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We are working with our colleagues at Strathcarron Hospice to develop a resource for Advance Care Planning which should be available early in 2018.

This poster illustrates how we are developing the resource:
2017 TM and Advance Care Planning

During the pilot phase our colleague Sally Boa (Head of Palliative Care Education, Research and Practice Development at Strathcarron Hospice) received the following moving story from Lorraine. We are extremely grateful to Lorraine for allowing us to publish it.

 “My name is Lorraine and I am a carer for my husband who has cancer and is a palliative care patient.

I have been involved as a volunteer with Susan at Strathcarron Hospice since February this year. This was a group formed from the community put together by volunteers to get their help and opinions of thinking ahead and to understand what a loved one wants for their future and awareness of information and services available to people caring for someone with a long term illness/palliative care, but most importantly how best to get a loved one to open up and talk about their feelings and what they want for their future and arrangements.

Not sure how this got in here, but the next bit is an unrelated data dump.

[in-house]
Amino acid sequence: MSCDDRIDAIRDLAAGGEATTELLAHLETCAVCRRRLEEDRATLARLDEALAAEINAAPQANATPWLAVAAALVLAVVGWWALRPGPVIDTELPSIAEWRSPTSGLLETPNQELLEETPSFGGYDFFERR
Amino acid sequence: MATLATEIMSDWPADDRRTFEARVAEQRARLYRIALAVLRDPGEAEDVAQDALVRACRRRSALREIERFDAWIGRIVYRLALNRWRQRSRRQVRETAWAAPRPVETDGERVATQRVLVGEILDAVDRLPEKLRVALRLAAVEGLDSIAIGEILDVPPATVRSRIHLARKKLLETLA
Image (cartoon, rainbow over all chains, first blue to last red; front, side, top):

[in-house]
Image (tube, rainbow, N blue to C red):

Personally it has been for me interesting, draining and emotional at times, but this journey I have been on has made me think and realise that these are very important issues that need to be talked about with my husband and family.

I had tried to get Gordon to talk about these things, but it was difficult to bring the subject up. He just changed the subject. I tried leaving booklets lying on the table when I was out, but if he did look at them he never mentioned it.

Thinking about death is very emotional and stressful subject to talk to someone you love about. I know how I felt with these thoughts going round in my head and it was not nice. As for our two sons they seem to have accepted the situation now, although it was difficult. We have never lied to them and tried to explain what’s going on, but finding the right words isn’t easy. Moving to acceptance instead of denial is very, very hard on everyone.